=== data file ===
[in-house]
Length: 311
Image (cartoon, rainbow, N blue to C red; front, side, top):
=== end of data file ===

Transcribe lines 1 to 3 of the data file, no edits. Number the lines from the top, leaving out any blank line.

[in-house]
Length: 311
Image (cartoon, rainbow, N blue to C red; front, side, top):